January 21, 2020

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Fresh food on the go made fast and easy

Vita Health makes nutritious meals for people with busy schedules

Justin Ludwar, who prepares all of the ready-to-eat food for all six Vita Health locations, poses with some freshly made salads and sandwiches at the Westwood store.

MIKAELA MACKENZIE / WINNIPEG FREE PRESS

Justin Ludwar, who prepares all of the ready-to-eat food for all six Vita Health locations, poses with some freshly made salads and sandwiches at the Westwood store.

‘We have a mission to empower people to live healthy lives," Vita Health’s Justin Ludwar says.

"Everybody is so busy these days, a grab-and-go meal makes sense, but we’re all much more conscious of what we’re putting in our bodies, especially in the last 10 years."

Ludwar, 43, is the chef behind the local health-food chain’s line of fresh-made takeout items, sold under the VitaMarket name. A collection of wraps, sandwiches, salads and soups — priced between $8.99 and $11.99 — the choices lean heavily toward vegan offerings, with many of them also gluten-free, using as many organic ingredients as possible.

For instance, the Tofu "BLT" features strips of smoky-sweet seasoned tofu on a gluten-free Schar ciabatta with egg-free mayonnaise, while the Zucchini Noodle Bowl includes zucchini spirals and organic tofu with a load of crisp, colourful veggies — snap peas, red cabbage, cucumber, shredded carrot — and a decadent vegan peanut dressing; the organic ingredients are indicated on the label.

Ludwar makes all the food in the kitchen at the chain’s biggest location in Westwood. The items, packaged in recyclable containers, are delivered fresh twice a week to all six Vita Health Fresh Markets.

Free-run oven-roasted turkey sandwiches.

MIKAELA MACKENZIE / WINNIPEG FREE PRESS

Free-run oven-roasted turkey sandwiches.

The chef is no stranger to cooking healthy meals to go. He previously ran Beet Happening, a Notre Dame Avenue breakfast/lunch spot that the Free Press’s then-restaurant critic Marion Warhaft gave a glowing review. It offered many of its menu items for takeaway, including the house salad that’s become part of the VitaMarket lineup.

In addition to running his restaurant, he had been providing Vita Health — as well as several other local outlets — with grab-and-go options for a few years, so when he made the decision to close Beet Happening, a partnership with the company seemed like a natural (pardon the pun) fit.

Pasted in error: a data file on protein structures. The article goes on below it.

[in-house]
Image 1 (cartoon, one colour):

"We already had a great relationship," he says. "And it’s really nice to be working 40 hours a week instead of 80."

Ludwar is committed to using local ingredients whenever possible — the five-grain bread used for the turkey deli sandwich is from Integrity/Hildegard’s bakery — and tries to be responsive to customers’ wishes. When some people expressed reservations about canola oil in the dressings, he experimented with sunflower oil to create new recipes.

He says the most popular items to date have been the house salad — which includes leaf lettuce, spiralized beets, grated carrots, chickpeas and quinoa — the sweet potato and wild rice salad, and the falafel wrap (it also comes in a salad), which features baked falafel ("We add sunflower seeds for some extra nutrition," he says), caramelized onion, tomato, green leaf lettuce and tahini sauce. Like all the dressings and sauces, the tahini is house-made.

And though the focus has been on vegan offerings, Ludwar says he hopes to add some more meat options to the line.

Falafel wraps.

MIKAELA MACKENZIE / WINNIPEG FREE PRESS

Falafel wraps.

"We’re expanding to the freezer section; we just started with soups and chilis, and we’re going to move into stews," he says.

"We’re keeping it gluten-free here too, so we have a coconut curry soup and a beet borscht and an organic beef green chili."

VitaMarket is also hoping to cater to people who crave convenience but also enjoy cooking for themselves. The stores feature pre-chopped kale, zucchini noodles and riced cauliflower to save a step for time-strapped chefs.

"It’s also good for people who’d like their kids to help out in the kitchen but don’t want them using knives," Ludwar says, adding that the line will expand to include items such as pre-roasted vegetables and sweet potatoes for easy reheating.

"It allows the customer to take them home and feel like they’re involved in the mealtime process," he says.

jill.wilson@freepress.mb.ca

Twitter: @dedaumier

Jill Wilson

Jill Wilson
Senior copy editor

Jill Wilson writes about culture and the culinary arts for the Arts & Life section.

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